Our Catholic Church is blessed with some great bishops. In recent days, it sometimes seems that there are those who would seek to appropriate for themselves authority to define (or obfuscate) Catholic doctrine — particularly on life issues. But the bishops, standing in direct apostolic succession to Christ, continue to lead His flock in word and deed. If we have ears to hear and eyes to see, our bishops have much to teach us. A great example is St. Paul-Minneapolis Archbishop John C. Nienstedt.
Archbishop Nienstedt marked Good Friday by praying with hundreds of pro-life supporters outside a Planned Parenthood abortion center located at 1965 Ford Parkway in St. Paul, Minnesota. With a police presence keeping watch over competing demonstrations, pro-lifers marched in defense of life, praying and singing hymns.
Barriers separated the pro-life prayer vigil from a much smaller contingent of a few dozen pro-abortion activists staging a counter protest. On the other side, Planned Parenthood supporters carried signs with slogans such as: “Save Money, Invest in Women’s Health”, “I Love My Birth Control”, and “Planned Parenthood Equals Women’s Health”.
Beginning at 8:30 in the morning, a choir of Franciscan Friars led the pro-life marchers in song and an opening prayer asking God to have mercy on our nation. Archbishop Nienstedt then came to the microphone. Standing beside a life size wooden cross, the Archbishop began with a prayer, and then said that “on this Good Friday, Christians everywhere recall how the Lamb of God was nailed to the wood of the Cross, then rose three days later, gloriously triumphant from the grave. He was the innocent one, but He was put to death by sinful men. We come this morning to remember other innocent persons who have been put to death in their mothers’ womb. We come to pray, to honor them, to demonstrate peacefully so that the scourge of abortion will be put to an end in this great land of the free and the brave.”
The Archbishop read Jesus’ words from the Gospel of Matthew that “‘whoever receives one child such as this in my name receives me’” and “‘See that you do not despise one of these little ones, for I say to you that the angels in heaven always look upon the face of my heavenly Father’” (Mt 18, 5, 10). After this Archbishop Nienstedt led the pro-life supporters in reciting the responsorial Litany of Life written by the late Cardinal John O’Connor.
Many religious were in attendance, marching in habit and collar along side the laity. One was Sister Mary Grace of the Sisters of Charity. “It was so inspiring to see our Archbishop attend,” Sister Mary Grace said, “especially on Good Friday. On the biggest day of the year when we remember Jesus’ saving death for us, [Archbishop Nienstedt] took the time to pray for the babies and an end to abortion. Jesus died for us all, but He must have a special closeness to the babies who are innocent lambs like He was. This is why it is so appropriate to pray to end abortion especially on Good Friday.”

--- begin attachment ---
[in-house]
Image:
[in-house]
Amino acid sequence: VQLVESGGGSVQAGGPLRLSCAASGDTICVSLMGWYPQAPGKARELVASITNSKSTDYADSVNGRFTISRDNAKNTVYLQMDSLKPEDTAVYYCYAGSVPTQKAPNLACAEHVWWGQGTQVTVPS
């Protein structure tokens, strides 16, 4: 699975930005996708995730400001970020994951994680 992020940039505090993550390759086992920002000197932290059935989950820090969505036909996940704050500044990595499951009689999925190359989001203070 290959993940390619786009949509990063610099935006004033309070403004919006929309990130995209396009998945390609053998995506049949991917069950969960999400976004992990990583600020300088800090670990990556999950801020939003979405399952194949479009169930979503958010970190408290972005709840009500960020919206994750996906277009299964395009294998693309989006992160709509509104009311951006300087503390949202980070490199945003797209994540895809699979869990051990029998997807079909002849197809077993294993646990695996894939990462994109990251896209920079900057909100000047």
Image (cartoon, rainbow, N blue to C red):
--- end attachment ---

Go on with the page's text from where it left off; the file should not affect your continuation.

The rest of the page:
The laity echoed these sentiments. Molly Green of Minneapolis said that the prayer vigil “was a powerful pro-life demonstration and I was deeply moved. There was an overwhelming sense of peace and reverence for life which spoke much louder than any of the opposition’s words or signs.”
“Appropriately so,” Ms. Green said, “Archbishop Nienstedt began the vigil with a prayer and commended the crowd for their courage to defend life.”
It was an all-day, ecumenical event organized by Pro-Life Action Ministries of Minnesota. Minnesota religious leaders from various churches and denominations gave prayers and reflections throughout the day, with a strong Catholic presence lead by the Archbishop. Several thousand pro-life demonstrators were expected over the course of the entire vigil since several thousand also attended this event on Good Friday last year.
With competing voices sowing potential seeds of confusion regarding Catholic doctrine and what it means to be pro-life, we should thank our bishops when they provide the strong public leadership and clear teaching so needed today. As George Wiegel noted recently on The World Over Live with Raymond Arroyo, the Catholic Church is the last man still standing in the fight against cultural relativism and the culture of death. As Archibshop Nienstedt said on Good Friday, it’s a battle that requires courage. Our bishops should be commended when they show the fortitude required in the defense of life.